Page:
Although it was a rainy new year’s eve, the other renter and I journeyed into town and then made our way to the Marriott on “tourist area”.  This place was massive with over 900 rooms and was slated to be the “it” spot to watch the fireworks later than night.  While my temporary traveling companion settled down near the bar to watch college football, I settled into the lobby to listen to the steel pan players.  After a few hours we jumped in a taxi to make our way back to our lodging for a quick shower and change before heading back out to ring in the new year.  We opted to eat at a local spot called the “Shiggidy Shack” whee the food was pretty good and they had karaoke.  After dinner we headed to the Marriott to watch the fireworks and ring in the new year.  Fireworks done, we headed to a local spot called “Vibes” where we spent a few hours drinking strong rum and dancing to soca.

New year’s day was pretty low key with a visit to Frigate Bay for a day at the beach.  There was a local restaurant on the beach which had the BEST cooked Mahi Mahi I EVER had (and I’ve had a lot).  The cook was a woman named Inez who was originally from the dominican republic.  To put the cherry on the cake, they had a really good panty ripper (drink) and a great live band.  After dinner, we headed back to the lodging to call it an evening.  The following day was rainy again, but I went into town solo (the other guest left to make his next destination for Haiti), had some lunch, procured some local libations and just hung out.  After a few hours I boarded the local bus and came back to the residence.

The next day was the carnival parade in town and it was— next.  Nothing to write home about.  Since the parade was rather boring, I went back to Vibes bar where I had a few strong rum drinks and danced the night away until 3a.m. as if I didn’t have a flight back in a few hours.  All in all, St. Kitts was a pretty kewl destination (minus the rain), the people were friendly, and it was fairly easy to navigate.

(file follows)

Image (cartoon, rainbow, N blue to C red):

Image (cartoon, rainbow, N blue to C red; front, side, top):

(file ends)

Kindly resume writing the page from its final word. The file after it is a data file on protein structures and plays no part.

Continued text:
Things to know:
Currency: Eastern Caribbean Dollar (EC) is the local currency; however, USD is widely accepted.  The typically exchange rate is ~$2.65EC to $1.00USD.  The rate is subject to change around the island.

Electricity: 220v is standard; 110v is available in most establishments and lodging facilities.

There are TONS of duty free shops in town and rum is VERY cheap (starting around $6USD per litre bottle).  Most shops will allow you to purchase the rum with no problem; however, a couple will ask for your passport information or only sell if you are coming on a cruise.

The taxi rates are fixed based on the destination.
Airport to Basseterre $12
Airport to Connaree $12
Airport to Marriott (tourist area) $20
Airport to Frigate Bay $20 (although we got it for $15)

Getting around by local bus is pretty easy and really inexpensive (I believe the fare was around $2EC per ride to go into town from my local).  However, there were a few times that I simply walked into town.  The walk was approximately 25 minutes.  It is important to note that the local buses are prohibited from going to the tourist area (I wonder why? $2EC vice $20USD, you do the math).

The bartenders at Vibes bar are heavy handed.  You WILL get drunk!

Advertisements

Leave a Reply

Fill in your details below or click an icon to log in:

WordPress.com Logo

You are commenting using your WordPress.com account. Log Out /  Change )

Google+ photo

You are commenting using your Google+ account. Log Out /  Change )

Twitter picture

You are commenting using your Twitter account. Log Out /  Change )

Facebook photo

You are commenting using your Facebook account. Log Out /  Change )

Connecting to %s